Mangla sees a need to change the qualification law—which has also effectively barred other third parties, like the Green Party and Libertarian Party, from the ballot. “No other state in America requires a party to qualify for the ballot every two years, on both the presidential and gubernatorial lines.” he says.“We believe the state should ease the ballot thresholds to the lower of 130,000 or two percent and return to a four-year qualification cycle.”
Meanwhile, the party has also faced criticisms from the left. While its not-exactly-enthusiastic choice to back Cuomo in 2014 irritated the then-governor, it also upset progressives who wanted the party to forcefully back a challenger. More recently, the party’s choice to support Elizabeth Warren over Bernie Sanders in 2019—through an opaque process that weighed votes of party members and leadership via an undisclosed formula—disturbed many Sanders supporters.
Asked about these decisions, Mangla replied: “Not everyone will agree with every endorsement decision. We understand that. Parties are spaces of struggle, where our goals may align but often we have different ideas of how to get there.”
The WFP’s Impact
Despite conflicts, the party has clearly made a difference in recent elections. In the Hudson Valley, Mangla points out that the WFP served as the margin of victory in Pat Ryan’s special election win this summer; the party was also involved in Sarahana Shrestha’s primary victory over Kevin Cahill in the 103rd state assembly district.
While some voters might take these wins for granted, it’s not always clear what would happen without WFP ballot lines. “It’s very hard to tell where those votes would go if the third party didn’t exist, and the cross-endorsement didn’t exist,” says SUNY New Paltz political scientist and local government expert Gerald Benjamin, asked about the role of the WFP. “It’s presumed that they would go to the major party candidate, but that candidate might not attract those votes, because he or she would be unappealing to the people who would vote on the third-party line.”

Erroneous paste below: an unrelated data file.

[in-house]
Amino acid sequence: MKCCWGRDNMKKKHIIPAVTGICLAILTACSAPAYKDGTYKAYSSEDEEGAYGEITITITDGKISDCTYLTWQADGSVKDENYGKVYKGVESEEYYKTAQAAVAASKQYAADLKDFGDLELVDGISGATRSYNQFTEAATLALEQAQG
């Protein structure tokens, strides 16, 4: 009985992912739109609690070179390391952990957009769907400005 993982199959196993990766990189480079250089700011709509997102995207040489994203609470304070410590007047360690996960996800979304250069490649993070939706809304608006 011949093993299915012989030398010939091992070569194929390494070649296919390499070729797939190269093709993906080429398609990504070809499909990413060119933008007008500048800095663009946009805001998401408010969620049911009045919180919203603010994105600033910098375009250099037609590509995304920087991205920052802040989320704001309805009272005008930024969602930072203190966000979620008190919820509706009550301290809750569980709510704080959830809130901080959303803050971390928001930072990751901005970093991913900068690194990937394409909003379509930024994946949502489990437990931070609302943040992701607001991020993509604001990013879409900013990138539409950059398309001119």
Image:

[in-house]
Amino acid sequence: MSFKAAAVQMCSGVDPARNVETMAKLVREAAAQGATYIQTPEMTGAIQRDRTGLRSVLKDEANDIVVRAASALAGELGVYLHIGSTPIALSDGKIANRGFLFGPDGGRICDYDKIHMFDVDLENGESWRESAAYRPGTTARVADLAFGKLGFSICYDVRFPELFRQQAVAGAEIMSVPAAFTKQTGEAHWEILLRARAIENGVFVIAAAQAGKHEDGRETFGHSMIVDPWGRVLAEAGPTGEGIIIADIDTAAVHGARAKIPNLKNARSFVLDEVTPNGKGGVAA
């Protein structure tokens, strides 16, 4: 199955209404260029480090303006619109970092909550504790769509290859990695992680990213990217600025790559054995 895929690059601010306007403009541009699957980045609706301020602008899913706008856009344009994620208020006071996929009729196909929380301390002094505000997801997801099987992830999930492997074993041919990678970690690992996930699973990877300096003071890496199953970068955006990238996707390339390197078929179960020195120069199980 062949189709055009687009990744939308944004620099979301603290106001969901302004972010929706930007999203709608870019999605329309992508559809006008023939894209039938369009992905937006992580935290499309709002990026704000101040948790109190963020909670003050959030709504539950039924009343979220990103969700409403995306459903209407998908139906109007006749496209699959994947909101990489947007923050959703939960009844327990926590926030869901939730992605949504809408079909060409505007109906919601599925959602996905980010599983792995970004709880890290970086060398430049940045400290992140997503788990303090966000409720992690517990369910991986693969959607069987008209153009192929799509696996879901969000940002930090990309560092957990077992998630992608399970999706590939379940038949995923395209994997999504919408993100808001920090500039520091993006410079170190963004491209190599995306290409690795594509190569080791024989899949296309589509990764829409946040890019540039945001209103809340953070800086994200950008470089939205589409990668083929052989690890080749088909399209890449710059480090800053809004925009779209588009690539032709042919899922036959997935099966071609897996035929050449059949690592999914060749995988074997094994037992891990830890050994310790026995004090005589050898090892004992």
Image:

Benjamin sees the WFP potentially strengthening into the future, assuming Democrats maintain control of the state. Without a strong statewide Republican Party, he says, political conflict plays out primarily within the Democratic Party. “In that context, the Working Families Party is enormously important, because its resources will be aligned with the so-called progressive Democrats, and [will] strengthen them,” Benjamin says.
He acknowledges, though, that a Zeldin upset will change that calculus—and could strengthen the fortunes of New York’s other major third party, the Conservative Party, which practices a parallel form of fusion voting with Republicans. “If the Conservative Party provides a margin for Zeldin to become governor, it would become a major factor in the initial days of Republican administration,” Benjamin adds.
This is something the WFP, and Democrats statewide, are scrambling to avoid—and the WFP hopes to hold off the GOP while still allowing people to better vote their values. “When hundreds of thousands of people vote on the line, we make it clear that working people’s issues can’t be ignored and we show that our policies—like guaranteed health care for all, universal child care, and a decarbonized economy—are supported by vast numbers of New Yorkers,” Mangla says. “With more WFP-aligned legislators in office, we feel there’s a lot more we can win for everyday New Yorkers.”
Sarahana Shrestha, who is backed not only by the WFP, but also by the Democratic Socialists of America, and is poised to be the only socialist elected to the state legislature outside of New York City, believes this approach is important. “The general election often becomes about holding the line against the havoc the Republican Party wants to create, which means that it becomes less about voting on a vision and more about voting to keep the boat from sinking,” Shrestha says. “Having a Working Families line on the ballot gives us an opportunity to not lose sight of the vision as well, an opportunity to continue having conversations around organizing and issues.”
To that end, on November 6, Shrestha will join Pat Ryan, state senate candidate Michelle Hinchey, and Ulster County executive candidate Jen Metzger for a WFP rally and volunteer canvass in New Paltz, collectively exhorting voters to make their voices heard in this election.
“We’ve been able to convince many disenchanted voters to vote by mentioning the WFP line,” says Shrestha, “by telling them they could vote for the Democrats on the WFP line as a way of saying, I voted for you, but I expect you to do better.”